According to one EU official, Meloni expressed exasperation during Monday's gathering of EU leaders over the exclusion of ECR leaders in negotiations for the EU's top jobs.

Both Meloni and Czech prime minister Petr Fiala represent the ECR in the European Council, but were not involved in the top job talks like their Renew counterparts.

Top jobs are traditionally handed out to candidates representing the political groups that emerge strongest after the European elections.

Renew's Sandro Gozi firmly told Euronews that the ECR will not be included in the negotiations as they are not part of the pro-European "alliance" that clung on to its majority in the ballot.

"I think that the distribution of top jobs is based on political alliance... which is being shaped between the EPP, the Socialists and Renew," Gozi said. "The top jobs will be based on this alliance, and not on other groups which do not belong to this alliance."

Also rattled by the three centrist forces' close-knit talks was Hungarian Prime Minister Viktor Orbán, who said following Monday evening's talks that the "will of the European people was ignored today in Brussels."

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"They don't care about reality," Orbán wrote in a statement on X. "We shouldn't be naive: they will continue to support migration and send even more money and weapons to the Russia-Ukraine war."

Orbán's allies have in the past hinted they could join Meloni's ECR faction in a bid to wield more power in the European Parliament. But that prospect has now all but disappeared after Romania's Hungary-sceptic AUR party was welcomed on Wednesday.

Fidesz had long warned that they could not sit together with the AUR, which has historically been critical of the Hungarian Székely autonomy movement in Transylvania on the rights of ethnic Romanians.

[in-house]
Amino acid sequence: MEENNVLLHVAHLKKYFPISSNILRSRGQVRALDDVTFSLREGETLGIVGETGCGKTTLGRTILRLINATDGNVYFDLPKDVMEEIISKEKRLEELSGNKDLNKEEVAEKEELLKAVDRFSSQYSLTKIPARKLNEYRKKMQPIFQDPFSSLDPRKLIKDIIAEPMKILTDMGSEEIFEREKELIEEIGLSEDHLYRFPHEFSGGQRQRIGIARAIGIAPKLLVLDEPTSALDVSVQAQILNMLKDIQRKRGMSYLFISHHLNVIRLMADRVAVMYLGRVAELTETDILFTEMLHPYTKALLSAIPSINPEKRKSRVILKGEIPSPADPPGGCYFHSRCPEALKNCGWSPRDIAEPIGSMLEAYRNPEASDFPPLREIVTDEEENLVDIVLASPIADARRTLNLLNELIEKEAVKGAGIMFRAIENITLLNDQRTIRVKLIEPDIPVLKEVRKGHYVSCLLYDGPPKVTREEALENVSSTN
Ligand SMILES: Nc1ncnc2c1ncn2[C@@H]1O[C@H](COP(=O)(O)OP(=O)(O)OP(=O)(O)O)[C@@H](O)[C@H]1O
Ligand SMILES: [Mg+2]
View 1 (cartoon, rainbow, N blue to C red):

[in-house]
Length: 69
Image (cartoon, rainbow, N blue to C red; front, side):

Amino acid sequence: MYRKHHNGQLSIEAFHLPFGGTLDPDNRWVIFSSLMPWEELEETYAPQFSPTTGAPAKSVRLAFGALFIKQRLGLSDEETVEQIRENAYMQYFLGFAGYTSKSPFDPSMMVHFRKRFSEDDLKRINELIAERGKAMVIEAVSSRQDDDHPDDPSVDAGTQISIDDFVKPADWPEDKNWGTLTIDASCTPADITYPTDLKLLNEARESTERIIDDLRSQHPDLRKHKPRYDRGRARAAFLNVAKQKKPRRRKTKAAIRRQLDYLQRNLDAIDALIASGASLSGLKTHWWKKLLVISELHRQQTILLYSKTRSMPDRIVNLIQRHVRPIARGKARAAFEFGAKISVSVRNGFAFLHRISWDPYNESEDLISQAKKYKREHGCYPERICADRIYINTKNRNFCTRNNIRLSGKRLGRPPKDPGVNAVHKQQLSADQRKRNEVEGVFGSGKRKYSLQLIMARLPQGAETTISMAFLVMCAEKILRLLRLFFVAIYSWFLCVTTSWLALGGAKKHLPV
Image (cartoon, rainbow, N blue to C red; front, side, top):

Fidesz's parliamentary group leader Máté Kocsis said in a statement on Wednesday that the party would "never share a faction" with AUR, "known for its extreme anti-Hungarian stance."

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"This is non-negotiable!" Kocsis added, effectively closing the door on a possible far-right grouping that would bring together Meloni's 22 EU lawmakers together with Orbán's 11.

While new joiners could see Renew increase its seat share over the coming days, the group does face a difficult choice over the possible expulsion of the Dutch People's Party for Freedom and Democracy (VVD).

Hayer has vowed that VVD's decision to enter a coalition government with Geert Wilders' far-right Party for Freedom (PVV) in the Netherlands would come with consequences, with a vote on their possible expulsion from Renew originally expected the day after the European elections.

But the VVD's four newly elected lawmakers are currently still counted among Renew's 81 seats. It makes Hayer's task as president particularly delicate, with her domestic party fighting the party of Wilders' European ally Marine Le Pen in the French legislative elections.